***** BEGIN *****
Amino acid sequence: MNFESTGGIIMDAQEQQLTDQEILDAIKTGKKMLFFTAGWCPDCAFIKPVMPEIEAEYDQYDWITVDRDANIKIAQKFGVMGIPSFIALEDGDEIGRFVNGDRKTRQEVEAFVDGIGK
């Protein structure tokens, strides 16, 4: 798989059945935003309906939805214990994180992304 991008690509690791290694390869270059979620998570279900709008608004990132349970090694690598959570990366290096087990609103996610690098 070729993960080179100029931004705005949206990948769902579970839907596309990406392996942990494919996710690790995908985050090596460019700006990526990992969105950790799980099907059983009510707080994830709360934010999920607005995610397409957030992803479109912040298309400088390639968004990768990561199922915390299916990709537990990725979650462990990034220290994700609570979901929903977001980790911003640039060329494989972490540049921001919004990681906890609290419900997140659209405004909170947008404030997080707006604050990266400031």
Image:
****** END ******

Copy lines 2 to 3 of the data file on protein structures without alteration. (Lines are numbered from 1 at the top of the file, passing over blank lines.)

């Protein structure tokens, strides 16, 4: 798989059945935003309906939805214990994180992304 991008690509690791290694390869270059979620998570279900709008608004990132349970090694690598959570990366290096087990609103996610690098 070729993960080179100029931004705005949206990948769902579970839907596309990406392996942990494919996710690790995908985050090596460019700006990526990992969105950790799980099907059983009510707080994830709360934010999920607005995610397409957030992803479109912040298309400088390639968004990768990561199922915390299916990709537990990725979650462990990034220290994700609570979901929903977001980790911003640039060329494989972490540049921001919004990681906890609290419900997140659209405004909170947008404030997080707006604050990266400031």
Image: